The key to living the good life on a budget is being able to cut where it doesn’t hurt. That means, changing the way you spend your money in areas of your life where you will not notice a huge difference when spending less. I don’t know too many people who are attached to the labels and social status associated with cleaning products. As long as the product is efficient, most are happy.
What better way to save on cleaning products than by making your own? Here are the 3 most common natural household cleaners:
Vinegar: For years now I have relied on vinegar more than any other cleaning product available. With it, I wash my hardwood and ceramic floors, kitchen counter tops and appliances, toilets and most any surface (except marble). I even clean my mirrors with vinegar and recycled newspaper.
Pour the vinegar inside a plastic spray-bottle and dilute with water. I am a bit of a germaphobe so my ratio is usually 50:50 to ensure its disinfectant proprieties, but you can modify to suit your purpose. It can also be used as a natural fabric softener. About.com prescribes adding “½ cup of vinegar to the rinse cycle in place of store-bought fabric softener. Vinegar has the added benefit of breaking down laundry detergent more effectively and will not irritate sensitive skin.” Some people complain about the smell, but once it dries the smell is gone. It’s hardly an excuse.
Baking soda: Never underestimate its power. Baking soda is a natural deodorant and abrasive. When we moved into our home a few years ago, I was able to remove 20 years of grease built up at the top edge of our kitchen cupboard doors by creating a paste with baking soda and warm water. Rub this same paste onto a toothbrush and scrub the dirt from the grout of your tiled floors. You can also add a box of it in your fridge to help absorb any unwanted smells.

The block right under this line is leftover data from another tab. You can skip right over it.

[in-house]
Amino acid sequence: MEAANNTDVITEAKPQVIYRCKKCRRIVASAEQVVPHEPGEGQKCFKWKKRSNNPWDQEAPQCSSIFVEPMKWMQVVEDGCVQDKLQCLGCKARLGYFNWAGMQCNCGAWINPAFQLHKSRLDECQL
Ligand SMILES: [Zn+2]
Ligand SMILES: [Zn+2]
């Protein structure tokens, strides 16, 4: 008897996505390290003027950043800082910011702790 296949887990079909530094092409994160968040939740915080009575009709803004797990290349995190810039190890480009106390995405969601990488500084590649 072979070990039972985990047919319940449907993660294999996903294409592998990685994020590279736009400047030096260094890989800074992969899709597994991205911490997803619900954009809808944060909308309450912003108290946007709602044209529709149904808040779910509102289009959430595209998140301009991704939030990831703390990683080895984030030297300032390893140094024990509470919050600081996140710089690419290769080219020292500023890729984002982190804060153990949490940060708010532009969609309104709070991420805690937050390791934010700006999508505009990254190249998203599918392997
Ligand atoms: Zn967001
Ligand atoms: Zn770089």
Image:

Lemon juice: Lemon juice can be added to your vinegar or baking soda cleaning mixtures to achieve the fresh scent that denotes cleanliness for so many of us. Sarah Aguirre suggests “cutting a lemon in half and sprinkling baking soda on the cut section. Use the lemon to scrub dishes, surfaces, and stains. Or, mix 1 cup olive oil with ½ cup lemon juice and you have a furniture polish for your hardwood furniture.”
Not only are all of these products inexpensive, but they are friendly to the environment, children and pets. Your children’s bare feet and hands, as well as pets’ paws absorb the toxins left behind by chemical cleaning products. So while you may associate clean with the smell of pine, the product is not the best for you and therefore not worth the olfactory familiarity.
An easy way to ensure you will actually use these natural homemade products instead of the commercial cleaners is to pre-mix the solutions into containers or spray-bottles and label them. As you embark on your spring cleaning, reach for the cheaper, more natural option. Even if you start slowly and incorporate the natural cleaners for certain jobs only and not others, that’s ok. Every little bit counts.
This was the last of my spring cleaning installments. Now I say: “bring it on!” I am done with winter.